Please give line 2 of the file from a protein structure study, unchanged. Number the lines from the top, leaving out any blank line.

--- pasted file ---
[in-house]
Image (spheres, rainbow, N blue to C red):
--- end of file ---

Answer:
Image (spheres, rainbow, N blue to C red):